Driving a stick isn't dead

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Standardshifter
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Driving a stick isn't dead

Post by Standardshifter »

Like waltzing, doing it well brings a feeling of grace and accomplishment that few feats match. Also like waltzing, fluency requires regular practice.
Classic car insurance company teaches HS students how to drive manual...with classic cars. What a way to learn!

https://www.freep.com/story/money/cars/ ... 943994002/
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Re: Driving a stick isn't dead

Post by tankinbeans »

If I could drop 15 years off my life and pretend I'm a complete noob I'd totes magotes do that.

I know I could still learn more though.
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Re: Driving a stick isn't dead

Post by Rope-Pusher »

This driving stick sure appears to be dead.
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Re: Driving a stick isn't dead

Post by ClutchFork »

The 20-Somethings Fueling a Stick-Shift Renaissance
https://www.wsj.com/articles/manual-tra ... s-929dc155
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theholycow wrote:Why in the world would you even want to be as smooth as an automatic? Might as well just drive an automatic...
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Re: Driving a stick isn't dead

Post by Rope-Pusher »

MANUAL TRANSMISSIONS DOUBLE MARKET SHARE - Autoline Daily
And finally, here’s a news item that should make enthusiasts jump for joy. Manual transmissions are making a comeback in the U.S. Well, a bit of a comeback. JD Power reports that sales of vehicles with a stick shift account for 1.7% of the market this year. That’s up from 1.2% last year and 0.9% in 2021. So sticks have almost doubled their market share in just the last two years. CarMax says manual transmission sales at its dealerships hit 2.9% last year, up from 2.4% in 2020. There isn’t any one factor responsible for the increase, but it’s not because buyers are trying to save money. Manuals are no longer cheaper than automatics, and they usually don’t get better fuel economy, either. CarMax says 20-something buyers are driving the increase but older consumers are also buying manuals for nostalgia. The best-selling vehicles with a manual are the Honda Civic, Ford Mustang, Subaru WRX, Jeep Wrangler and Chevy Camaro.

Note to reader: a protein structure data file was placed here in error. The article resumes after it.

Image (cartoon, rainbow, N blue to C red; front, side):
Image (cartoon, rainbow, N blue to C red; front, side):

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https://www.wardsauto.com/dealers/stick ... ick-around
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Re: Driving a stick isn't dead

Post by Rope-Pusher »

NISSAN INTROS NEW $17,225 VERSA- AutoLine Daily
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Here’s an option for car buyers worried about soaring new car prices in the U.S. The 2024 Nissan Versa has a starting price of $17,225 including destination charges, which makes it the lowest priced new vehicle in the U.S. That’s with a 5-speed manual transmission. The starting price jumps to just under $19,000 with a CVT. Standard safety features include automatic emergency braking with pedestrian detection, lane departure warning and rear automatic braking. With new cars becoming more and more expensive, so it’s nice to see there actually is an affordable car in the market.

https://usa.nissannews.com/en-US/releas ... s-at-16130
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Re: Driving a stick isn't dead

Post by Rope-Pusher »

Rev-Matching, Hill-Holding, Three Pedals and no waiting,.....

[youtube]https://www.youtube.com/watch?v=INNHYCs7Qqg[/youtube]
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Re: Driving a stick isn't dead

Post by Rope-Pusher »

I wanna See You Crawl, You Bunch of Maggots!...Said no drill instructor ever.

[youtube]https://www.youtube.com/watch?v=BuwP4vDBTPQ[/youtube]

And Furthermore:

[youtube]https://www.youtube.com/watch?v=-cWYLSotShk[/youtube]
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Re: Driving a stick isn't dead

Post by ClutchFork »

Rope-Pusher wrote: Tue Dec 26, 2023 1:29 am Rev-Matching, Hill-Holding, Three Pedals and no waiting,.....

[youtube]https://www.youtube.com/watch?v=INNHYCs7Qqg[/youtube]
No thanks. And if one knows how to drive a stick, there is no awkward roll back starting on hills.
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theholycow wrote:Why in the world would you even want to be as smooth as an automatic? Might as well just drive an automatic...
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Re: Driving a stick isn't dead

Post by ClutchFork »

Rope-Pusher wrote: Tue Dec 26, 2023 1:37 am I wanna See You Crawl, You Bunch of Maggots!...Said no drill instructor ever.

[youtube]https://www.youtube.com/watch?v=BuwP4vDBTPQ[/youtube]

And Furthermore:

[youtube]https://www.youtube.com/watch?v=-cWYLSotShk[/youtube]